Actor Sam Rockwell came to Sarasota for the first time Tuesday, Feb. 19, but, unless you are familiar with his films, you probably didn’t recognize him on the street.
“(People on the street either) don’t know who I am or they know exactly who I am; or sometimes they’ll think they went to high school with me,” he says.
Most recently, Rockwell played Colin Farrell’s best friend in “Seven Psychopaths.” He also played an astronaut in the 2009 sci-fi hit “Moon,” and Wild Bill Wharton in 1999’s “The Green Mile.”
After Tuesday, Ringling College of Art and Design filmmaking students know Rockwell a little better, thanks to the Ringling College Digital Filmmaking Studio Lab, the program that brings actors to the area via a collaboration with Ringling College and Future of Films LLC — a well-connected area consulting group.
Rockwell opened this year’s series, which began in 2010. In previous years, the program brought such well-known figures as Elijah Wood, Werner Herzog, Bill Paxton and Martha Stewart. Also on the docket for this season are actress Andie MacDowell, Billy Bob Thornton and Forest Whitaker.
A reception and screening of “Moon” took place first, followed with an audience-submitted Q&A session with Rockwell in the Academic Center, but the college awarded Diversions readers an exclusive Q&A:
So, you always play the offbeat character.
Yeah, I play a lot of anti-heros or villains ...
Is there a different type of character you’d like to play, or are you happy with where you are now?
I’m always looking to do different things. I’m always trying to shake it up a little bit. I’m working on “Hamlet.” I’m working on this play called “Mr. Roberts,” and I’m going to do a reading of “Rosencrantz and Guildenstern (are Dead)” with my friend Billy Crudup, who’s a really good actor, and this guy Denis O’Hare ... so those are things to shake it up and get the knife sharp.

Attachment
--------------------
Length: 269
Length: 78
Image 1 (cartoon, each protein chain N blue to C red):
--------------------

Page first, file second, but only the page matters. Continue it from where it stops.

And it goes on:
How do you tap into the character?
It’s like a stew: You take all these elements and ingredients and it has to cook. The sauce is better if it cooks longer — it gets richer ... It’s digesting the material in an emotional and personal way.
What makes you say yes to a script?
That’s a very personal thing. You respond to the part, the role. And then there are all the other elements: Is it a good script in its entirety? Does it have good caches? Is the director good?; the cinematographer good? So, sometimes, you’ll show up for something that might be a supporting role, but Roger Deakins might be the cinematographer or Ron Howard is the director. So, you’re willing to take a supporting role because the elements are suggesting that there is a pretty good chance that it’s going to be a good movie.
This comment is circulating the Internet: ‘White people were born without rhythm because God was saving it all for Sam Rockwell.’
Oh, so I got all the rhythm of all the white people? (He laughs.) That’s a wonderful thing to say. But, what about Justin Timberlake? Fred Astaire?
What’s your history with bustin’ moves? You dance quite a bit in your films.
I used to hang out with a different crowd in middle school and I used to break-dance, or, you know, at least try to break-dance ... (I have) no formal training as a dancer; I just kind of picked it up.
And you worked with Christopher Walken a few times?
He’s a trained dancer. You ever see the Fatboy Slim video (featuring Walken)?
You and Walken did a play ‘Behanding in Spokane’ and the movie ‘Seven Psychopaths’ — is he on your speed dial yet?
He’s a friend of mine. I talk to him at least once a month, I’d say. We talked about doing something else together, but we’re looking for the right thing.
And no Oscar yet? I always read ‘underated’ in regard to your talent. Does it ever get frustrating when you totally nail a role?
I used to get frustrated with that stuff, but it is what it is. It’s silly stuff because it’s mainly about if the movie was a popular movie, and sometimes there are a lot of good movies that weren’t popular at the get go, like “The Big Lebowski”... and a lot of my career has been afterlife in a way that’s kind of cool. Movies live on.
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Daylight Saving Time starts 2 a.m. Sunday, so be sure to set your alarm accordingly.